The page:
Fresh off his Academy Award for best adapted screenplay for “Call Me by Your Name,” renowned director James Ivory visited Newport’s Jane Pickens Theater on Sunday for a screening of one of his best-known films, “The Remains of the Day” (1993). After the screening, Ivory engaged in an onstage talk with Chuck Hinman of Rhode Island National Public Radio.
Hinman asked Ivory, 89, if he was getting tired of being referred to as the oldest winner in competitive Oscar history. Ivory, who other than using a cane shows little sign of advanced age, wryly replied, “Long after ‘Call Me By Your Name’ has turned to dust and all my own films have turned to dust, that’s the kind of fact that goes down in history.”
After earning three Oscar nominations for directing — “A Room With a View” (1985), “Howards End” (1992), and “The Remains of the Day” — Ivory’s first Oscar win wasn’t unexpected. “I’d won all the other prizes for that screenplay that anyone could possibly win,” he said to applause. “I got up there and saw a sign flashing ‘wrap it up’ so I just talked a bit faster.”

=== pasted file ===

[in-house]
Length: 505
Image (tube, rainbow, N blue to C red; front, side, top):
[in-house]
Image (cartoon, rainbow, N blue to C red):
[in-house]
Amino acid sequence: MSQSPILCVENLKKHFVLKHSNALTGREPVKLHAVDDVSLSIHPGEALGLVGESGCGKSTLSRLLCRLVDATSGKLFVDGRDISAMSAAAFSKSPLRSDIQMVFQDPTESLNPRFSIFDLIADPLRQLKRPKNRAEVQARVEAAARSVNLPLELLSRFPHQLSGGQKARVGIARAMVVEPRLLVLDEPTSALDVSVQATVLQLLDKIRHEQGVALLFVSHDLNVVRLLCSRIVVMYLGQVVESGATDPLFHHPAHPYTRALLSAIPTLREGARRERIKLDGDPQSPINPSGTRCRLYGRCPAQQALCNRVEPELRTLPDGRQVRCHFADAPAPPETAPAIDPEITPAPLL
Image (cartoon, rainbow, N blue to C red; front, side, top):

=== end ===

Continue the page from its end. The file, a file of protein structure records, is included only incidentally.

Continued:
He said the biggest surprise he’s experienced over the past year is “the extraordinary passion” that teenage girls have shown for “Call Me by Your Name,” an Italy-set romance between 17-year-old Elio (Timothée Chalamet) and older Oliver (Armie Hammer). “It’s not simply Timothée Chalamet, although that has a lot to do with it. I’ve been to screenings with lots of young girls there and they are crying and crying. I didn’t think the film had that kind of relevance, but it does,” said Ivory, who revealed that his next project will be with director Alexander Payne but he didn’t want to elaborate.
Ivory told the crowd that he loves Newport and the historic Jane Pickens Theater. “Are you OK with me coming back? [“The Remains of the Day”] was a big hit. The next one may be a flop. But I’m bringing it because I like it.”